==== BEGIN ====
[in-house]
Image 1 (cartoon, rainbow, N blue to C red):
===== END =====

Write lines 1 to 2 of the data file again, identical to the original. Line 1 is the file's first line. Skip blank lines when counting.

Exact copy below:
[in-house]
Image 1 (cartoon, rainbow, N blue to C red):